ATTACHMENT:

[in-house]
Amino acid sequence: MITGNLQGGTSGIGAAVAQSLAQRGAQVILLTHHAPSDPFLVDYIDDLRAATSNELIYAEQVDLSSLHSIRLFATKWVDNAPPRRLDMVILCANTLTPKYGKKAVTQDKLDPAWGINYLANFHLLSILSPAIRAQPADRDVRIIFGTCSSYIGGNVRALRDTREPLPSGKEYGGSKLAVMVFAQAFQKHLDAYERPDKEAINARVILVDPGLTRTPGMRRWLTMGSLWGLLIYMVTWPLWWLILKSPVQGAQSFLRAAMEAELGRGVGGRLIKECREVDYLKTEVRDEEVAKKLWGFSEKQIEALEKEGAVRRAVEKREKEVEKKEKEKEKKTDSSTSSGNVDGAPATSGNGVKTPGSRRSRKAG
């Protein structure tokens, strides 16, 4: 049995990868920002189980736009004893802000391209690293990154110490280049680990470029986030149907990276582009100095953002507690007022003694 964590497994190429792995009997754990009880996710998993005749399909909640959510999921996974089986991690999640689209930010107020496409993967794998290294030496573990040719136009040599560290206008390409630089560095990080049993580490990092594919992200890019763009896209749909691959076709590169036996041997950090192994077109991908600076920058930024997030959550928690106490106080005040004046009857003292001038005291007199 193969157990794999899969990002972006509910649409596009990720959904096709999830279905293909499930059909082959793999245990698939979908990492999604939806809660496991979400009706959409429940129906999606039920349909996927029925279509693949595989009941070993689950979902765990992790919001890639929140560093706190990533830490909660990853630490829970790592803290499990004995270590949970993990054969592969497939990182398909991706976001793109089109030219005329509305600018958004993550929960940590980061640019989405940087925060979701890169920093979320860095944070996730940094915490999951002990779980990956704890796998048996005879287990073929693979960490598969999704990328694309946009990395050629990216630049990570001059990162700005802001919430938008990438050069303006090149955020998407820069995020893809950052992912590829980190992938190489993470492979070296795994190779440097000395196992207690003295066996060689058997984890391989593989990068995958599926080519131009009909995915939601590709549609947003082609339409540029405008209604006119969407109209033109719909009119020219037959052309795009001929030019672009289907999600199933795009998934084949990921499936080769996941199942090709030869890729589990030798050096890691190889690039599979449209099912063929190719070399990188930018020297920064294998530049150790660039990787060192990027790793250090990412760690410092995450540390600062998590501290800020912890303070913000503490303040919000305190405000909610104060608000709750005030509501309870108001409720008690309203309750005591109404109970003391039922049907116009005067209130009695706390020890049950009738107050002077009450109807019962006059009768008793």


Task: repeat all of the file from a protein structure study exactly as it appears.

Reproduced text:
[in-house]
Amino acid sequence: MITGNLQGGTSGIGAAVAQSLAQRGAQVILLTHHAPSDPFLVDYIDDLRAATSNELIYAEQVDLSSLHSIRLFATKWVDNAPPRRLDMVILCANTLTPKYGKKAVTQDKLDPAWGINYLANFHLLSILSPAIRAQPADRDVRIIFGTCSSYIGGNVRALRDTREPLPSGKEYGGSKLAVMVFAQAFQKHLDAYERPDKEAINARVILVDPGLTRTPGMRRWLTMGSLWGLLIYMVTWPLWWLILKSPVQGAQSFLRAAMEAELGRGVGGRLIKECREVDYLKTEVRDEEVAKKLWGFSEKQIEALEKEGAVRRAVEKREKEVEKKEKEKEKKTDSSTSSGNVDGAPATSGNGVKTPGSRRSRKAG
């Protein structure tokens, strides 16, 4: 049995990868920002189980736009004893802000391209690293990154110490280049680990470029986030149907990276582009100095953002507690007022003694 964590497994190429792995009997754990009880996710998993005749399909909640959510999921996974089986991690999640689209930010107020496409993967794998290294030496573990040719136009040599560290206008390409630089560095990080049993580490990092594919992200890019763009896209749909691959076709590169036996041997950090192994077109991908600076920058930024997030959550928690106490106080005040004046009857003292001038005291007199 193969157990794999899969990002972006509910649409596009990720959904096709999830279905293909499930059909082959793999245990698939979908990492999604939806809660496991979400009706959409429940129906999606039920349909996927029925279509693949595989009941070993689950979902765990992790919001890639929140560093706190990533830490909660990853630490829970790592803290499990004995270590949970993990054969592969497939990182398909991706976001793109089109030219005329509305600018958004993550929960940590980061640019989405940087925060979701890169920093979320860095944070996730940094915490999951002990779980990956704890796998048996005879287990073929693979960490598969999704990328694309946009990395050629990216630049990570001059990162700005802001919430938008990438050069303006090149955020998407820069995020893809950052992912590829980190992938190489993470492979070296795994190779440097000395196992207690003295066996060689058997984890391989593989990068995958599926080519131009009909995915939601590709549609947003082609339409540029405008209604006119969407109209033109719909009119020219037959052309795009001929030019672009289907999600199933795009998934084949990921499936080769996941199942090709030869890729589990030798050096890691190889690039599979449209099912063929190719070399990188930018020297920064294998530049150790660039990787060192990027790793250090990412760690410092995450540390600062998590501290800020912890303070913000503490303040919000305190405000909610104060608000709750005030509501309870108001409720008690309203309750005591109404109970003391039922049907116009005067209130009695706390020890049950009738107050002077009450109807019962006059009768008793």